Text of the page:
Discussion of next year's budget is sure to consume a lot of time at next Monday's school board meeting. The gap between budgeted expenditures and estimated revenue is currently $748,000, according to budget committee chairwoman Kristen Gold's introduction to a board work session on the budget last week.
That money could come out of fund balance, if the County commission would approve it, but board member Craig Michael called the chances of that happening "close to zero."
Schools director Roy Dukes said he heard from commission chairman Billy Spivey that the schools might be asked to cut four percent from the County-funded portion of their budget, in spite of the state requirement for "maintenance of effort."
"If we have to cut four percent it would guarantee the County would never recover," exclaimed Gold.
Michael agreed with her, predicting such cuts would do "irreparable harm" to the school system.
"If we're going to cut and hurt children, we've lost our core purpose," concluded chairman Mike Keny. "We're as bare bones as we can go."
Nevertheless, board members did try to find places to cut the budget.
Among suggestions was "scaling back the alternative school" from Randy Perryman. Schools director Roy Dukes said that, hopefully, they could reduce the number of teachers from three to two, or even one teacher and one aide.
Supervisor of secondary instruction Beverly Miller explained that before the alternative school started last year, there was an alternative program that kept the County in compliance with state law, but it did not have a place for Zero Tolerance students. This past year, the alternative school served 25 pupils, seven of them Zero Tolerance, "generated $35,000 and really helped the drop-out rate."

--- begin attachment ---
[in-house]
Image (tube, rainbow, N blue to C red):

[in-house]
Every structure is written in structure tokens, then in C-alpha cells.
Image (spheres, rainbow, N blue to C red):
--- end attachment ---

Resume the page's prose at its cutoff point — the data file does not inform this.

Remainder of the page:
"The per-pupil expenditure in alternative school is many times higher than in the system as a whole," Michael said. "If we go back to the bare minimum and if that gives us $200,000 for the rest of the students -- that's an easy decision."
Barbara Kennedy recommended cutting out Drivers Education, and also wanted to take a close look at class size.
"We can't have classes with 10 students," Kennedy said.
"If you increase the pupil-teacher ratio, you do away with teachers' positions," Keny pointed out.
"What happens if we get an influx of students in August?" asked Dukes.
"The alternative school should go before we cut class size," said Perryman. "We need to exhaust every opportunity to cut outside the classroom."
"I agree," Michael said. "We've got to talk about options and select some, but we've got to make the cuts as far from the classroom as we can."
He told other board members how local manufacturer Walker Die Casting had their employees take days off without pay.
"It's something we could look at from the classified standpoint," Michael said. "We have 300 classified personnel -- that's about $30,000 a day, so we'd be saving a job for every day the whole group took off."
Kennedy suggested cutting 12-month employees down to 11 months. "That's a substantial chunk of change," she said.
The budget work session lasted nearly three hours, and in the end, board members again appealed to Dukes to meet with his supervisors and principals and come up with a prioritized list of cuts. Dukes is meeting with principals this week, and promised he would have some ideas to present at the Board's June 14 meeting.
"It's important there be public discussion," concluded Michael. "The community has to understand the financial challenges we have."